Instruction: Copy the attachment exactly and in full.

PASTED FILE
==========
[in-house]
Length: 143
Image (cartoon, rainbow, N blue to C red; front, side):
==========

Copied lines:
[in-house]
Length: 143
Image (cartoon, rainbow, N blue to C red; front, side):